52

I have a ViewModel class just like the one defined in the Connecting ViewModel and repository section of Architecture guide. When I run my app I get a runtime exception. Does anyone know how to get around this? Should I not be injecting the ViewModel? Is there a way to tell the ViewModelProvider to use Dagger to create the model?

public class DispatchActivityModel extends ViewModel {

    private final API api;

    @Inject
    public DispatchActivityModel(API api) {
        this.api = api;
    }
}

Caused by: java.lang.InstantiationException: java.lang.Class has no zero argument constructor at java.lang.Class.newInstance(Native Method) at android.arch.lifecycle.ViewModelProvider$NewInstanceFactory.create(ViewModelProvider.java:143) at android.arch.lifecycle.ViewModelProviders$DefaultFactory.create(ViewModelProviders.java:143)  at android.arch.lifecycle.ViewModelProvider.get(ViewModelProvider.java:128)  at android.arch.lifecycle.ViewModelProvider.get(ViewModelProvider.java:96)  at com.example.base.BaseActivity.onCreate(BaseActivity.java:65)  at com.example.dispatch.DispatchActivity.onCreate(DispatchActivity.java:53)  at android.app.Activity.performCreate(Activity.java:6682)  at android.app.Instrumentation.callActivityOnCreate(Instrumentation.java:1118)  at android.app.ActivityThread.performLaunchActivity(ActivityThread.java:2619) at android.app.ActivityThread.handleLaunchActivity(ActivityThread.java:2727)  at android.app.ActivityThread.-wrap12(ActivityThread.java)  at android.app.ActivityThread$H.handleMessage(ActivityThread.java:1478)  at android.os.Handler.dispatchMessage(Handler.java:102)  at android.os.Looper.loop(Looper.java:154)  at android.app.ActivityThread.main(ActivityThread.java:6121)

92

You need to implement your own ViewModelProvider.Factory. There is an example app created by Google demonstrating how to connect Dagger 2 with ViewModels. LINK. You need those 5 things:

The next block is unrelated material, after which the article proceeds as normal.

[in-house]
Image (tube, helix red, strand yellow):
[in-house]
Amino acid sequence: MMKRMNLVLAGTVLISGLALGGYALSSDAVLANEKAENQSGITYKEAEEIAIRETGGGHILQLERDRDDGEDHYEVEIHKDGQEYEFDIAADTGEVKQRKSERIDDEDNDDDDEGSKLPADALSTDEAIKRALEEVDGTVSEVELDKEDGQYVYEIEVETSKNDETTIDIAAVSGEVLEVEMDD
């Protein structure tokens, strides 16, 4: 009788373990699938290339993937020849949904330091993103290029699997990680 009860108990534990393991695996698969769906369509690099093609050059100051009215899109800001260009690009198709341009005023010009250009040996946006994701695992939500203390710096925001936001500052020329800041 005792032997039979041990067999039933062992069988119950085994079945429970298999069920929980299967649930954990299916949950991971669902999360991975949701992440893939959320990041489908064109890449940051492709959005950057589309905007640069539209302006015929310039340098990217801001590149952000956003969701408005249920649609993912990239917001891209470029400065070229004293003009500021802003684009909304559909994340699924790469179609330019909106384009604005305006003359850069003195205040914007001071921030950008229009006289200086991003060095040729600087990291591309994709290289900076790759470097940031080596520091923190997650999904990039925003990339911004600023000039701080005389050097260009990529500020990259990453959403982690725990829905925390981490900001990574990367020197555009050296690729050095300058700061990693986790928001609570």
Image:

In ViewModel:

@Inject
public UserViewModel(UserRepository userRepository, RepoRepository repoRepository) {

Define annotation:

@Documented
@Target({ElementType.METHOD})
@Retention(RetentionPolicy.RUNTIME)
@MapKey
@interface ViewModelKey {
    Class<? extends ViewModel> value();
}

In ViewModelModule:

@Module
abstract class ViewModelModule {
    @Binds
    @IntoMap
    @ViewModelKey(UserViewModel.class)
    abstract ViewModel bindUserViewModel(UserViewModel userViewModel);

In Fragment:

@Inject
ViewModelProvider.Factory viewModelFactory;

@Override
public void onActivityCreated(@Nullable Bundle savedInstanceState) {
            userViewModel = ViewModelProviders.of(this, viewModelFactory).get(UserViewModel.class);

Factory:

@Singleton
public class GithubViewModelFactory implements ViewModelProvider.Factory {
    private final Map<Class<? extends ViewModel>, Provider<ViewModel>> creators;

    @Inject
    public GithubViewModelFactory(Map<Class<? extends ViewModel>, Provider<ViewModel>> creators) {
        this.creators = creators;
    }

    @SuppressWarnings("unchecked")
    @Override
    public <T extends ViewModel> T create(Class<T> modelClass) {
        Provider<? extends ViewModel> creator = creators.get(modelClass);
        if (creator == null) {
            for (Map.Entry<Class<? extends ViewModel>, Provider<ViewModel>> entry : creators.entrySet()) {
                if (modelClass.isAssignableFrom(entry.getKey())) {
                    creator = entry.getValue();
                    break;
                }
            }
        }
        if (creator == null) {
            throw new IllegalArgumentException("unknown model class " + modelClass);
        }
        try {
            return (T) creator.get();
        } catch (Exception e) {
            throw new RuntimeException(e);
        }
    }
}
| improve this answer | |
  • 6
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  • 5
    You also need to define @ViewModelKey github.com/googlesamples/android-architecture-components/blob/… – nmu Jul 14 '17 at 10:13
  • 9
    You also have to declare: @Binds abstract ViewModelProvider.Factory bindViewModelFactory(GithubViewModelFactory factory); in your ViewModelModule – Andrzej Sawoniewicz Aug 21 '17 at 7:37
  • 1
    this defeats the purpose of using dagger as you are still initialising the viewModel object manually using the viewModelProvider. – Jonathan Feb 20 '18 at 10:13
  • 2
    I believe there are a few things missing in this answer. I still get my factory being null and Android falls back to default Factory and produces 'no zero argument constructor' exception. – Slobodan Antonijević Mar 5 '19 at 9:57
26

Today I learnt a way to avoid having to write factories for my ViewModel classes:

class ViewModelFactory<T : ViewModel> @Inject constructor(
    private val viewModel: Lazy<T>
) : ViewModelProvider.Factory {
    @Suppress("UNCHECKED_CAST")